Linked by Thom Holwerda on Tue 10th Sep 2013 18:25 UTC
Apple Apple's event is going on right now - and most of the new stuff already leaked weeks and months ahead of time. So, we're getting an iPhone 5S, an iPhone 5C, and iOS7 will be available later this month. I like the design of the 5C more than of the 5S; it's more playful, colourful - harking back to the coloured iMacs and PowerMac G3s. Too bad it doesn't come in red.

The fingerprint sensor in the 5S is interesting, but I wonder how accurate it will be in the real world; on top of that, with all the NSA news, I'm not particularly keen on Apple reading my fingerprint all the time. Supposedly, applications don't have access to it and it's not stored in the cloud, but I have little to no trust for companies.

The biggest news for me is the fact that the iPhone 5S has a new chip - the A7 - which has the honour of being the first 64bit chip inside a smartphone. iOS7 and first party Apple applications are all 64bit, and Xcode obviously supports it. While this obviously future-proofs the platform for more RAM, I wonder what other motives are involved here. ARM desktops and laptops, perhaps?

I doubt 64bit will provide much benefit today, but you have to hand it to Apple: at least they're done with the transition before it's even needed.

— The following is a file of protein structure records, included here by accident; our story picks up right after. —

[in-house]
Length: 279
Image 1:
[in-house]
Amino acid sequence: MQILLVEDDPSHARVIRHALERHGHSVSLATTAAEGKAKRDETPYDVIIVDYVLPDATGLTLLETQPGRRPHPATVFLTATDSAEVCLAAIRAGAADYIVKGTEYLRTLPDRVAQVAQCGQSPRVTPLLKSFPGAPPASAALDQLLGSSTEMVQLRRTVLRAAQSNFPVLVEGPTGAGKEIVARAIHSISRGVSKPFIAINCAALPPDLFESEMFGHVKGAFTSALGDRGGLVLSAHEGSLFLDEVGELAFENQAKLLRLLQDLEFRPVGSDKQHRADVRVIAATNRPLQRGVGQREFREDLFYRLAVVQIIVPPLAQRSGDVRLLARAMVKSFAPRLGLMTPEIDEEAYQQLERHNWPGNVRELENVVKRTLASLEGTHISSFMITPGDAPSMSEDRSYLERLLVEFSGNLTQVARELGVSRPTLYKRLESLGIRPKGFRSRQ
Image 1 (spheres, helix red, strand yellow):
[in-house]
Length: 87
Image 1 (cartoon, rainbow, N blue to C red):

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RE[4]: Coprocessor
by tylerdurden on Thu 12th Sep 2013 03:54 UTC in reply to "RE[3]: Coprocessor"
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Why did you come to this conclusion?
If they wanted this one integrated, they would do.

Not really, if they could have done so they most definitively would have done so. Lower chip count means lower power consumption (longer running phone on same battery), lower overall manufacturing cost and higher margins. Which for a margin "obsessed" company like Apple is everything.

M7 is always ON low power core, probably made on different process node.

I don't know if Samsung does support mixed node fabrication.

Apple do not care about die sizes.

That a rather ridiculous and uniformed statement. Lower die sizes mean lower costs and larger margins. Higher integration levels lead to fewer chips required, and as such lower prices. Even if the die ends up slightly larger, the savings on packaging alone are significant. That also leads to reduced production and design costs for the motherboard. Which is the whole point of Systems On Chip (SOCs) to begin with.

Keep in mind, A7 is very big by mobile standards, A7x would be huge. They're near the size of Ivy Bridge (and with higher transistor density assuming 28nm node), except Intel selling these for $300.

The A7 and the Ivy Bridge are two very different types of processors. The Ivy Bride M-2 is actually slightly smaller 94 mm^2 vs 102 mm^2 for the A7. With far higher performance, the price is probably higher for the intel part vs the apple one, but no where near the $300 mark.

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